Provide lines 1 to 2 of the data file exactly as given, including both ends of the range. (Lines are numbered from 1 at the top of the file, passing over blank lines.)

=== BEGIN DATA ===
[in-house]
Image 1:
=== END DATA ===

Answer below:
[in-house]
Image 1: